Aubergines store well in the fridge or a cool larder for about four to six days. In the past, many recipes recommended salting aubergines to reduce their bitter flavour. This isn’t really necessary now, although salting does make them absorb less oil when they’re fried. To prepare, wash the skin and trim off the stalk. Slice or cut the flesh into chunks just before cooking as it discolours quickly.
This humble plant has played a major part in many popular regional cuisines throughout the world – in French ratatouille, say, or roasted and whipped into baba ganoush in traditional Levantine style. The slightly bland flavour of the aubergine makes it the perfect blank slate to which rich and aromatic spices and herbs can be added: slick with miso and grill, or stew gently with stock, chilli bean paste and Shaoxing wine for a classic Chinese dish with minced pork. In India, Iran and Afghanistan, aubergines are made into hot, spicy pickles to whet the appetite.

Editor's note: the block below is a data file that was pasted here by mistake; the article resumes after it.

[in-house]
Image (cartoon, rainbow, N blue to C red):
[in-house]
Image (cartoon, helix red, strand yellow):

Look for small beetroots with the stalks still intact. To store fresh beetroot, cut off the leafy tops and then place to dry in a single layer in a wooden or cardboard box.
To cook wash – but don’t peel – the beetroot and either boil, steam or bake until tender. Once cool enough, the outer skin should be rubbed off. To avoid stained hands, wash them and anything else you’ve used as soon as possible. Beetroot leaves and stems can also be eaten: cook them as you would any other spring greens.
There are many different types of cherry, including maraschino, griotte and Morello cherries, from which kirsch and Black Forest gâteaux are made. Look out for telltale punnets of deep red cherries in markets from mid-July to the end of August. The best cherries are plump, firm, glossy and free of blemishes; the stems should be fresh and green. Cherries benefit most from being stored at cooler temperatures – warmth can compromise their flavour and texture.